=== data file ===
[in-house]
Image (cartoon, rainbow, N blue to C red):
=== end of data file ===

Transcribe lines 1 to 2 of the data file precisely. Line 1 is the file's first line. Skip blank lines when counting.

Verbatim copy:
[in-house]
Image (cartoon, rainbow, N blue to C red):